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North American Japanese Garden Association & Descanso Gardens Host Southern California Symposium and Garden Tour

North American Japanese Garden Association Holds Regional Event in Minnesota this August

Five Japanese gardens in the Minnesota area will take center stage as the North American Japanese Garden Association (NAJGA) goes to the “Land of 10,000 Lakes” on August 7 to 8 for its first regional event of the year.

NAJGA Minnesota 2015 - John Powell“It’s All in the Details” is a two-day skills development workshop and garden education tour featuring the following gardens: Charlotte Partridge Ordway Japanese Garden at the Como Park Zoo and Conservatory, St. Paul MN; Jo-Ryo-En (Garden of Quiet Listening) at Carleton College, Northfield, MN; Normandale Japanese Garden at Normandale Community College, Bloomington, MN; Seisui Tei (Garden of Pure Water) at the Minnesota Landscape Arboretum, Chaska, MN, and a private residential garden in St. Paul, MN attached to a Modernist house designed by American architect Ralph Rapson in the 1960s.

“Attention to detail is perhaps the most important thing in elevating gardens in America to the lofty level of those in Japan,” says NAJGA President Dr. Kendall Brown. “We are pleased to provide an experience that meaningfully connects Minnesota’s most compelling Japanese gardens to each other and to the large audience of Japanese garden lovers across North America.”

Skills Development Workshop

On August 7, the Charlotte Partridge Ordway Japanese Garden will host a workshop focused on teaching basic skills required of a Japanese gardener in constructing and maintaining a garden. It will also teach participants how to establish specific goals that enhance the presentation of a Japanese garden.

Exterior_wall_katsuraSessions include shearing of karikomi (massed or wave planting), deciduous tree pruning, pine maintenance, layout and installation of tobi-ishi (stepping stones) and nobedan (stone paving), and working with bamboo to create the basic nanako fence that keeps guests on the path, and the yotsume gaki fence used in tea ceremony gardens.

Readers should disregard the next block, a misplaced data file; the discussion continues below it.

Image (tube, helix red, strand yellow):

Three_piece_matcha_setParticipants will also be introduced to design theory, construction and maintenance of the Japanese tea garden and teahouse. After the workshop, participants will also have a rare opportunity to visit the private garden attached to the Ralph Rapson-designed house in St. Paul, MN. The house and garden provide a good example of the sukiya living concept where Japanese garden principles are applied in a residential setting and rooms are integrated with the garden.

The workshop will be led by Japanese garden expert John Powell, the first Westerner selected to train with the garden staff of the prestigious Adachi Museum of Art, widely acknowledged as having one of the world’s best Japanese gardens. Other garden experts from the region and across North America will assist.

Garden Education Tour: Japanese Gardens in the North Star State

On August 8, a bus tour will visit the Jo-Ryo-en (Garden of Quiet Listening) at Carleton College, Normandale Japanese Garden, and the Seisui Tei (Garden of Pure Water) at the Minnesota Landscape Arboretum.

Four distinct styles of Japanese gardens—hill and pond, dry landscape, stroll garden, and pleasure boating garden—will be examined in three Minnesota gardens adapted to the local climate through plant choice and design. Care of Japanese gardens will be covered. Guests will also be introduced to issues of garden care, and how gardens “care” for people when utilized for therapy and meditation.

This two-day event is also open to the general public.  For more details and to register, visit the event website HERE.  Or contact NAJGA at info@najga.org, tel: (503) 222 1194.

North American Japanese Garden Association Holds Regional Event in Minnesota this August